A DRONELIFE Exlusive interview with Dor Abuhasira, Co-Founder and CEO of Percepto.
Of all of the buzz words used in the drone industry in 2019, “automation” was one of the biggest. Along with AI , drone companies touted automation in every aspect of drone use. There are not many drone companies, however, for whom autonomous flight truly means flight without the presence of a human operator – and Percepto is one of them.
Percepto offers a “drone-in-the-box” solution: one designed for heavy weather and industrial environments. The Sparrow can be remotely scheduled to launch from the base, follow a pre-defined flight path, and then return to the base for battery charge and data upload. It can also be remotely launched on demand as a response to an emergency or anomoly. It’s solution ideal for facility management and the monitoring of critical assets or large industrial sites: Percepto has a significant customer base in verticals that include energy, oil and gas, solar, mining, and more.
Truly automated drones mean no pilot skills required, and no changing the batteries or dealing with the hardware. That, says Dor Abuhasira, co-founder and CEO at Percepto, is a major advantage – and allows many customers to get more value from the product. “As soon as the company realizes that it isn’t complicated to fly a drone, they start using drones for things that they hadn’t thought of before,” says Abuhasira. “They use them for roof inspections, monitoring vegetation, anything that they need to get data on… with Percepto, the day after a storm they can already see where the water has pooled and where the damage is while they’re drinking their first cup of coffee.”
Currently, U.S. regulations still require a visual observer for most drone operations – but Abuhasira says that will change, especially as remote operation capabilities become more commonly used in other countries. “One of the most exciting things about the drone-in-the-box offering is that is really happening right now – it’s being utilized outside of the U.S. every day, and there are many regulatory breakthroughs on the way in the U.S.,” he comments.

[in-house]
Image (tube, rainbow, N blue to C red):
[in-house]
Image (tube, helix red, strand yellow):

In addition to automation, 5G “is set to be one of the biggest overarching trends of 2020, as next generation mobile networks are rolled out around the world,” says Percepto. “Their impact on the adoption and application of autonomous drone technology (as well as other autonomous vehicles) cannot be overstated.” 5G has dramatically improved speeds, even compared to the fastest 4G: Verizon suggests potential peak data rates of 10 gigabits per second across its 5G Ultra Wideband network.
“There are so many aspects [of drone applications] that 5G networks can help with,” says Abuhasira. “In the first place, whenever you locate a drone, part of the problem is connectivity. 5G is a more reliable network with much broader bandwidth. Today, when you stream video from a drone you are limited by the bandwidth – the higher bandwidth that you have, the higher quality data that you can get.”
In practical terms, that hits the bottom line for customers. Higher quality data means that while today you may need to fly at 50 feet to get the required resolution, over 5G you may be able to achieve the same resolution at 200 feet – which means you can cover more ground, faster.
Also, Abuhasira points out, 5G could have a big impact on unmanned traffic management (UTM) – and the ability for regulators to track and identify drones easily will hasten drone integration and wider adoption.
Truly autonomous flight combined with 5G changes the game for industry. Removing a human operator from the process means drastic reductions in risk and cost – and huge gains convenience. Relatively low-cost, high res data that can be gathered at regularly scheduled intervals or on demand without leaving your desk may tip the scales in favor of adopting drone technology as a must-have tool for heavy industry.
See Percepto and 5G in action below. Posted By: Miriam McNabbon: January 30, 2020